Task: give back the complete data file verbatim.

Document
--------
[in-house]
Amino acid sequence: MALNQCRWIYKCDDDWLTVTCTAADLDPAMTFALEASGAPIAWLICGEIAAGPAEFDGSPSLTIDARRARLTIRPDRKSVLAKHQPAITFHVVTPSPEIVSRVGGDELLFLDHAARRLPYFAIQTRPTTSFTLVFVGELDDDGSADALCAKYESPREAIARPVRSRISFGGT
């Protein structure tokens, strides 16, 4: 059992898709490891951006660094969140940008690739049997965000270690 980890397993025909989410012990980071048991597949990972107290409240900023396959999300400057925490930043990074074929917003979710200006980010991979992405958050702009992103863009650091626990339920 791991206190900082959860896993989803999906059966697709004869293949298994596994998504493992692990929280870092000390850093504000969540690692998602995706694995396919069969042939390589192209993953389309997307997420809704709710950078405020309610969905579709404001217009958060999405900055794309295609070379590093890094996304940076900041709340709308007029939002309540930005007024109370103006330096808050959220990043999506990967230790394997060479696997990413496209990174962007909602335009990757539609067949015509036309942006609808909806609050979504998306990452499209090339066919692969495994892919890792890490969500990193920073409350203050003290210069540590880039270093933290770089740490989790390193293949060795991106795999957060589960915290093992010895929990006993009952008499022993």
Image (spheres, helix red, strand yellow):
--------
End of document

[in-house]
Amino acid sequence: MALNQCRWIYKCDDDWLTVTCTAADLDPAMTFALEASGAPIAWLICGEIAAGPAEFDGSPSLTIDARRARLTIRPDRKSVLAKHQPAITFHVVTPSPEIVSRVGGDELLFLDHAARRLPYFAIQTRPTTSFTLVFVGELDDDGSADALCAKYESPREAIARPVRSRISFGGT
């Protein structure tokens, strides 16, 4: 059992898709490891951006660094969140940008690739049997965000270690 980890397993025909989410012990980071048991597949990972107290409240900023396959999300400057925490930043990074074929917003979710200006980010991979992405958050702009992103863009650091626990339920 791991206190900082959860896993989803999906059966697709004869293949298994596994998504493992692990929280870092000390850093504000969540690692998602995706694995396919069969042939390589192209993953389309997307997420809704709710950078405020309610969905579709404001217009958060999405900055794309295609070379590093890094996304940076900041709340709308007029939002309540930005007024109370103006330096808050959220990043999506990967230790394997060479696997990413496209990174962007909602335009990757539609067949015509036309942006609808909806609050979504998306990452499209090339066919692969495994892919890792890490969500990193920073409350203050003290210069540590880039270093933290770089740490989790390193293949060795991106795999957060589960915290093992010895929990006993009952008499022993």
Image (spheres, helix red, strand yellow):